Many people with an alcohol problem need to completely stop using alcohol. This is called abstinence. Having strong social and family support can help make it easier to quit drinking.
Some people are able to just cut back on their drinking. So even if you don’t give up alcohol altogether, you may be able to drink less. This can improve your health and relationships with others. It can also help you perform better at work or school.
However, many people who drink too much find they can’t just cut back. Abstinence may be the only way to manage a drinking problem.
DECIDING TO QUIT
Like many people with an alcohol problem, you may not recognize that your drinking has gotten out of hand. An important first step is to be aware of how much you drink. It also helps to understand the health risks of alcohol.
If you decide to quit drinking, talk with your health care provider. Treatment involves helping you realize how much your alcohol use is harming your life and the lives those around you.
Depending on how much and how long you’ve been drinking, you may be at risk for alcohol withdrawal. Withdrawal can be very uncomfortable and even life-threatening. If you have been drinking a lot, you should cut back or stop drinking only under the care of a doctor. Talk with your health care provider about how to stop using alcohol.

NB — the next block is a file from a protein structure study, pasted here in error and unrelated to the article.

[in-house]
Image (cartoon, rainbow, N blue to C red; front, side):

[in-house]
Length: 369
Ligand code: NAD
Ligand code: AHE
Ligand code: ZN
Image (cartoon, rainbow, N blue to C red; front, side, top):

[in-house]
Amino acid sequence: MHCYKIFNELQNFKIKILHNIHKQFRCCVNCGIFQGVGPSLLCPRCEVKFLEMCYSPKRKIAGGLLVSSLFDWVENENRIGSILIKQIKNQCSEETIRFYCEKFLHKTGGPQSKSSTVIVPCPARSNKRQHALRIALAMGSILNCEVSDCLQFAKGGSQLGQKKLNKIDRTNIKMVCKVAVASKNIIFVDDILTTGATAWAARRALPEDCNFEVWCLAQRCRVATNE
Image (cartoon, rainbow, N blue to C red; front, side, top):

Alcohol recovery or support programs can help you stop drinking completely. These programs usually offer:
- Education about alcoholism and its effects
- Counseling and therapy to discuss how to control your thoughts and behaviors
- Physical health care
For the best chance of success, you should live with people who support your efforts to avoid alcohol. Some programs offer housing options for people with alcohol problems. Depending on your needs and the programs that are available:
- You may be treated in a special recovery center (inpatient)
- You may attend a program while you live at home (outpatient)
You may be prescribed medicines to help you quit. They are often used with long-term counseling or support groups.
These drugs make it less likely that you will drink again or help limit the amount you drink.
- Acamprosate may help prevent relapse.
- Disulfiram (Antabuse) produces very unpleasant side effects if you drink even a small amount of alcohol.
- Naltrexone (Vivitrol) decreases alcohol cravings. It is available in a pill or as an injection.
Drinking may mask depression or other mood or anxiety disorders. If you have a mood disorder, it may become more noticeable when you stop drinking. Your health care provider will treat any mental disorders in addition to your alcohol treatment.